Western Digital Black 4TB Hard Drive Review
Recently Western Digital was able to show that they were well on their way towards recovering from the disastrous flooding in Thailand. Their lineup was reinvigorated by the introduction of an ultra fast VelociRaptor and the new RE series which pushed capacities to the astounding 4TB mark. Throughout this year, Western Digital moved forward on a number of fronts but the popular consumer-oriented Black series remained untouched but that all changed about two weeks ago when the Black Edition 4TB was unveiled.
The Black Edition 4TB (which is sold under the WD4001FAEX moniker) is currently considered Western Digitalís flagship model despite there being more expensive and higher performing drives in their lineup. Simply put, the Blacks are supposed to be the optimal combination of performance and capacity for the enthusiast market and this new modelís price reflects this mentality. At $339 it may be only $40 more than the 3TB version and a bit less than two Black Edition 2TB drives but the Black 4TB still represents a substantial investment. However, the competition currently doesnít have anything that can compare in this capacity segment and the Black is still a good $120 less than the 4TB RE drive
In the past, consumers looking for such a large quantity of storage either had to make do with multiple drives in a RAID configuration or even live with the inherent limitations of Raid Edition models which arenít made for mass market consumption in the first place. Thankfully, those days are now over. Western Digital has not only created a 4TB drive with previously unheard of performance in the home user marketplace, but they have also included nearly all of the RE series features. The only Ďmissingí are the ultra long factory testing and the shortened TLER, two things most consumers will not miss as the Black still has an industry leading 5 year warranty.
As with the 4TB RE, Western Digital has once again foregone the use of 1TB platters for this behemoth. Rather than requiring 4 platters to hit the impressive 4TB mark, the 4TB Black uses five 800GB platters to reach its capacity. This does have the unfortunate consequence of making it a touch more power hungry that it otherwise could be but according to Western Digital, the 5-platter design optimizes longevity.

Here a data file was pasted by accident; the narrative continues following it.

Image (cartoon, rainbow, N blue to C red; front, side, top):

From the exterior there is very little to differentiate the Black and RE versions other than the label. Both use the same 3.5Ē standard form factor, both use silver with black highlights and both even use a similarly sized PCB.
Even from an architectural perspective, there are very few differences between the Black and RE series. Like the 4TB RE, Western Digital may not have bestowed 1TB platters upon this drive, but they have given it dual actuator technology, 64MB of cache, and a Marvell dual core controller. The 64MB of cache is present in the form of a single Winbond W9751G6JB-25, 64MB DDR2-800 IC which has 5-5-5 timings.
To some, a 4TB Black Edition may make the more expensive RE look like an overpriced option but that isnít necessarily the case. Western Digitalís goal is to continue a strict market to market segmentation so products from one area donít overlap those from another. With a 1.2 million hour MTBF rating, extended factory testing and numerous other features specifically target enterprise clients, the RE will remain the go-to option for datacenters and other mission critical environments. Meanwhile, the Black edition may have slightly more pedestrian runtime figures but it should still be the perfect option for capacity-starved enthusiasts.
|Latest Reviews in Storage|